And, of course, I’ve had business stress. I’m a human and a business owner. So, businesses come with some stress. All things considered, my business is pretty stress-free but things have come up. And I know that if you’re listening to this, you’ve had your own stuff too. So many of you reached out to me about sick or loss parents or loved ones, and health challenges, and business challenges, friend challenges, all kinds of stuff. And so, we’ve all been through so much.

And so often when people reach out to me and they tell me that they’re really inspired by me – which is very kind of you to say – they’re often asking me like, "How do you keep going? How are you doing this? How do you keep it all together?" And I’m always like, "I don’t. It’s not together." And I don’t think that people think I have it together either.

But I think a lot of times what people share with me is that what they feel really comforted by is the fact that I show how I’m continuing on despite the fact that things are not all together.
And I think that’s inspiring, I hope to some people, in that you don’t have to wait until everything’s perfect. Because as I always say, if I waited until things were perfect, I’d still be waiting so we’d be in real trouble.

So, I thought I would break my weekly Thursday tradition of answering one of your questions, if you don’t mind, and chat with you about how I’m kind of sort of somewhat sometimes keeping it relatively together. And I thought I would give you some concrete examples as well.

So, when people ask how do I manage my business and all the stuff that I’ve got going on in my life, I’m like, "Ah. I don’t know. I mean, not necessarily well." But there are three specific things that have helped me to manage my business. And not only that, to keep growing my business at the same time as all of this stuff has been going on.

So, I think the first thing that has really helped me, and I hope will help you, obviously, is pruning. So, the first thing I do in my life or my business whenever I have intense moments of stress is to prune back what doesn’t need to be there.

So, I know in the earlier years in my business, this would be like cancelling coffee chats and things that were kind of more just connections or spinning my wheels. And I would really pare down – I’m going to talk about that in tip number three – and get focused on what helps to move my business forward, what brings in leads when I’m not working, what pieces of content can I create that will pull in new people so that I’m not constantly having to chase after individual clients or sales. So, I like to prune back in terms of the business in that way. And, also, maybe it means you put some stuff aside that you were thinking about working on or whatever.

In my life, it’s usually canceling appointments I don’t need or having to just be honest and upfront with people in my life that I don’t have extra capacity right now, saying no to a lot of things. And it might also be anything that’s just feeling kind of excess or just for fun things, like things on social media that take up a lot of time but that don’t necessarily make the business move forward. They’re just kind of would be great things but don’t need to things. You know what I mean?

I also always look, obviously, if there’s any sort of launch or new product that I’m working on. I mean, I’ve cancelled so many promos and new product creation stuff, like so much stuff over the last year or two, because of all this and everything worked out great. The business is very, very healthy. It’s continued to grow. It’s continued to be a multi-seven figure business even without adding on new things. I think that was a really good lesson.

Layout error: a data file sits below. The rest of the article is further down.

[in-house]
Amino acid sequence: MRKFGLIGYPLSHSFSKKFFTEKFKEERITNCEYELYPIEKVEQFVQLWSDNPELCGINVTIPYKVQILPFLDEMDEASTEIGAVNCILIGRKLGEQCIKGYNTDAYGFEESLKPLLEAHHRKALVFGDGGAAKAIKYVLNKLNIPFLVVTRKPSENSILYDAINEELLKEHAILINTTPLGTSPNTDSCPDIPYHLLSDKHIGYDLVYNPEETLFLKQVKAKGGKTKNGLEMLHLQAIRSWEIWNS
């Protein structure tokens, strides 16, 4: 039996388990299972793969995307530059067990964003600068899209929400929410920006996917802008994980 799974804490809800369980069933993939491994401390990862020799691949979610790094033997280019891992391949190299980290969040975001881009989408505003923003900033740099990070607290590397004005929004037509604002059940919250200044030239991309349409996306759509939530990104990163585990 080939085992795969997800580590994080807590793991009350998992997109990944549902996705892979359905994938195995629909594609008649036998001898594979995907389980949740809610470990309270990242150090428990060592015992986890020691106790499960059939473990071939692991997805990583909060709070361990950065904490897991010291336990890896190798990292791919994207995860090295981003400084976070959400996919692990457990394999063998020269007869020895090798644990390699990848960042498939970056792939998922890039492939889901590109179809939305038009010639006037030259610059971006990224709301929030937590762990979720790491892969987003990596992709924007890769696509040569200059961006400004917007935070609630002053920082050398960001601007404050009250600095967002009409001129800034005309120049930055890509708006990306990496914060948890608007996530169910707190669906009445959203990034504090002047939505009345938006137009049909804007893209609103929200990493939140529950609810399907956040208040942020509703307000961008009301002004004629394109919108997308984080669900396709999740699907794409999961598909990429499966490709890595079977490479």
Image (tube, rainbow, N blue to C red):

And I think if you’re into gardening or plants, you know that when you prune stuff back, it gives energy to the rest of the plant that’s really healthy and thriving. So, that’s the way I like to think of it, because maybe you were planning something extra, like a new product or – I don’t know – starting a TikTok account after you’ve tried to be on Instagram or something like that. But you’re like, "You know what? Instead of adding on a new branch here, we’re going to cut that branch off." That was the snipping noise. We’re going to snip off that branch and we’re going to give more energy to the main branch that’s already working, what’s working at your core.

So, for me, usually when I’ve done this kind of pruning, I focus on my core business components. I would say that I have three main core business components. So, my first core business component are my customers. That’s kind of if I was drawing an upside down triangle, I would think everything else is hitting the fan, I have to take care of my customers because, first of all, they mean the most to me.

And second of all, my customers, if I treat them really well, they tend to tell other people about me, and it’s a really great word of mouth referral business. So, at least you have that part of your business kind of churning and working for you when things are tough. So, for me, that means answering their questions in the community that they get access to with the Ultimate Bundle, answering their questions in my inbox, wherever else. So, really taking care of my customers.

The second core business component that I focus on during this pruning period is my core content. So, for me, that’s my podcast, writing emails to my email list, and writing SEO optimized blog posts.

So, my podcast, well, first of all, the podcast has grown a lot. So, my podcast is really important to me. And I’ve noticed that it’s been one of the more nurturing things that I’ve ever done in the business. So, I get a lot of feedback about it and people seem to like it. I hope you like it. I hope you let me know if you like it because it’s always nice to hear from you and to hear that you do like it. But people tell me how they feel about it. And so, I also know that it’s moving people through my funnel. People sign up for my free legal workshop, Five Steps to Legally Protect and Grow Your Online Business, because of it. They buy the Ultimate Bundle because of it. So, it’s a really important piece of content for me.